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Monday, 19 Mar 18 - Tux Machines is a community-driven public service/news site which has been around for over a decade and primarily focuses on GNU/LinuxSubscribe now Syndicate content

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Type Title Author Replies Last Postsort icon
Story Open Washing, Kali Story, and Fedora RC4 Roy Schestowitz 04/12/2014 - 11:37am
Story Linux Container Adoption Set to Grow Rapidly Roy Schestowitz 04/12/2014 - 11:34am
Story Configurable Menu: Install the best menu for Linux Mint 17/17.1 Cinnamon Roy Schestowitz 04/12/2014 - 11:16am
Story Airline Tycoon Deluxe Gets a Linux Release 16 Years After the Windows Version Roy Schestowitz 04/12/2014 - 10:59am
Story Meet Devuan, the Debian fork born from a bitter systemd revolt Roy Schestowitz 04/12/2014 - 10:41am
Story Leftovers: Software Roy Schestowitz 03/12/2014 - 11:47pm
Story Leftovers: Gaming Roy Schestowitz 03/12/2014 - 11:43pm
Story today's howtos Roy Schestowitz 03/12/2014 - 11:43pm
Story First Stable Opera 26 for Linux Is Out, Features Best Possible HiDPI Support Rianne Schestowitz 03/12/2014 - 11:30pm
Story How Can We Get Business to Care about Freedom, Openness and Interoperability? Roy Schestowitz 03/12/2014 - 11:23pm

Evaluating the performance of ext3 using write barriers and write caching

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Linux The ext3 filesystem supports write barriers which are designed to allow a filesystem to take advantage of a disk’s write cache without fear of compromising the ingetrity of the filesystem on a power failure or kernel panic. I’ve seen reports that ext3 write barriers have a significant impact on performance.

A new way of sleeping in the Linux kernel

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The new TASK_KILLABLE feature is generally an improvement over the existing options—after all, it is another way to keep from getting stuck with dead processes.

Lancelot Not to be the default KDE menu

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Software I have seen the proposals to replace the default Kickoff menu with Lancelot on a quite a few places now, the latest triggered me to write my stance on the subject.

Also: KDE 4's artwork is really a giant leap forward on all fronts

Linux is Making Me Fat and Lazy

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blog.linuxtoday: Because of Linux I hardly have to lift a finger anymore, and because of it my health is suffering. I rarely hop up and down in a fit of temper, I don't have to drive to the store to buy software, and I don't get the aerobic benefits of spending hours on the phone with tech support, breathing hard and accelerating my heartbeat.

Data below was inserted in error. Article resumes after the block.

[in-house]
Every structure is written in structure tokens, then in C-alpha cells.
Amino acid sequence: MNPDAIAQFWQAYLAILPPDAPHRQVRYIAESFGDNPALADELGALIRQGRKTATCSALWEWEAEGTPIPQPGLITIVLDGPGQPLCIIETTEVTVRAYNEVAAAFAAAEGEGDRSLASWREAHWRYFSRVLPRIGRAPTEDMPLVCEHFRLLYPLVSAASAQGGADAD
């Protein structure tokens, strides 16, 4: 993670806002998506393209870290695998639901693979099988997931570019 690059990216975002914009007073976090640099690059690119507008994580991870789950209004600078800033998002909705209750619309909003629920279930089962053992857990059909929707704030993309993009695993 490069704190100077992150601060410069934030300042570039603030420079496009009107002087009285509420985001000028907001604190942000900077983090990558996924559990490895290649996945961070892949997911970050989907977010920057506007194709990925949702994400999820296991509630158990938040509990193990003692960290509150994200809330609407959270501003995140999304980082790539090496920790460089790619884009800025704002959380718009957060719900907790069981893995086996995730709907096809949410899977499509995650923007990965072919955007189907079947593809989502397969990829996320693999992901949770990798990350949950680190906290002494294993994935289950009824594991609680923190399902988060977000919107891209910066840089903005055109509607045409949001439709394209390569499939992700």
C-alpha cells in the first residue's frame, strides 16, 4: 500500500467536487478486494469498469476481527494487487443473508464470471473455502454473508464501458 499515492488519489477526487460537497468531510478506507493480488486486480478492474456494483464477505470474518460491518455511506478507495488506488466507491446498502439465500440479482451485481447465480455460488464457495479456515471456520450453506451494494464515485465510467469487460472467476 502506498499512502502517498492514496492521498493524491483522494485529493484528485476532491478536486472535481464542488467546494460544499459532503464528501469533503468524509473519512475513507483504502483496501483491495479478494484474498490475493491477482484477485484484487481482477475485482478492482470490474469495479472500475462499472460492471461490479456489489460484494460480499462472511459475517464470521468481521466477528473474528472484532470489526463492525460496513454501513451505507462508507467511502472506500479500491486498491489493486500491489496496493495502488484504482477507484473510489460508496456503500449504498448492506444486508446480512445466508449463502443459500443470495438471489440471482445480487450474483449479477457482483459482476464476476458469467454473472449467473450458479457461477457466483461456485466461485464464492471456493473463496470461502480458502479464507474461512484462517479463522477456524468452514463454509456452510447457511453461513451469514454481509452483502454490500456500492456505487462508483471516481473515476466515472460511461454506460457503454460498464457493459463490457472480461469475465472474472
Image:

Who writes Linux: Corporate America

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Linux I'm not sure why the silly notion that "Only .10068% of Linux kernel developers are paid" keeps circulating, but it does. So, let me just say, once and for all, Linux is written, for the most part, by paid software engineers and programmers from major American corporations.

Six Reasons Why Linux Is Right for Small Business

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Linux It seems that every year is supposed to be "the year" for Linux, but nobody ever manages to define what "the year" really means. You can find statistics on Linux adoption from a variety of research firms but all seem skewed to represent whatever agenda that firm is pushing-whether that is Linux adoption rising, falling, or stagnating.

10 must-have Linux office applications

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Software Does Linux have what it takes to meet the needs of the corporate desktop? Jack Wallen thinks so. Here’s his list of office apps that can handle everything from word processing to project management to data backups.

Opera 9.6 RC 1

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Software We now have an RC so please look out for any regressions since 9.52. Changes include Fixed error pages when entering unknown protocol, Fixed an issue where custom search engines would not get a favicon, and Fixed an issue where text with specified size suddenly disappears on Qt4 builds.

Distro Review: OpenSUSE 11

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SUSE I left openSUSE 3 years ago, and for good reason, it sucked. It was buggy, bloated, slow, and horribly unfriendly to use. So let's skip ahead 3 years to the present, openSUSE 11.0 is out and I'm ready to forgive past mistakes and give them another shot.

The Purpose of the Fifth Amendment to the Bill of Rights

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Legal I'm thinking that we need a few fun classes on the Bill of Rights to the US Constitution. No. Really. If you'll try to pay attention, I'll try to make it enjoyable.

The need to know: Documentation in Linux

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Linux Documenting the development of open source software is key to keeping it easy to use, but some disagree on its necessity. More often than not, documentation is an afterthought, and is what happens when the interesting bits of a software project are over and done.

What Are My Favorite Linux & OSS Websites?

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Web A couple of weeks ago I made a deal with Susan Linton of Lisa and I will write a two part article on why we're using Linux and why we've chosen the distros we use in return for having Susan write the Linux section of our ezine for one (possibly two) issues.